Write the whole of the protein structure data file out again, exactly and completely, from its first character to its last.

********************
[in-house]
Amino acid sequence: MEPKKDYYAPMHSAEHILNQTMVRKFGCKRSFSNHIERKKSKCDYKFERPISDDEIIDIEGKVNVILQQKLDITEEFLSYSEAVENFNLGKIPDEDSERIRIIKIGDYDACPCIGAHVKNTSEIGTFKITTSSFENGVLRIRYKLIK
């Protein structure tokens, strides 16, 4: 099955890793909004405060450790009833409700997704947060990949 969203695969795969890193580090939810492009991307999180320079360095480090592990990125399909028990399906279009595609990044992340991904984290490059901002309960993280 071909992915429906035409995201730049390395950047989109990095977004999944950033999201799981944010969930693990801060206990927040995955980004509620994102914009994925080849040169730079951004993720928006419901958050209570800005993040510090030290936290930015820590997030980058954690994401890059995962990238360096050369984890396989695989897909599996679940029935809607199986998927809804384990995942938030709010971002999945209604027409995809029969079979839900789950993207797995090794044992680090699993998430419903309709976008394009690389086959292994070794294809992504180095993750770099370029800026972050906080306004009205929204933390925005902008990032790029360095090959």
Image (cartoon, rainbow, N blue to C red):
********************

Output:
[in-house]
Amino acid sequence: MEPKKDYYAPMHSAEHILNQTMVRKFGCKRSFSNHIERKKSKCDYKFERPISDDEIIDIEGKVNVILQQKLDITEEFLSYSEAVENFNLGKIPDEDSERIRIIKIGDYDACPCIGAHVKNTSEIGTFKITTSSFENGVLRIRYKLIK
């Protein structure tokens, strides 16, 4: 099955890793909004405060450790009833409700997704947060990949 969203695969795969890193580090939810492009991307999180320079360095480090592990990125399909028990399906279009595609990044992340991904984290490059901002309960993280 071909992915429906035409995201730049390395950047989109990095977004999944950033999201799981944010969930693990801060206990927040995955980004509620994102914009994925080849040169730079951004993720928006419901958050209570800005993040510090030290936290930015820590997030980058954690994401890059995962990238360096050369984890396989695989897909599996679940029935809607199986998927809804384990995942938030709010971002999945209604027409995809029969079979839900789950993207797995090794044992680090699993998430419903309709976008394009690389086959292994070794294809992504180095993750770099370029800026972050906080306004009205929204933390925005902008990032790029360095090959």
Image (cartoon, rainbow, N blue to C red):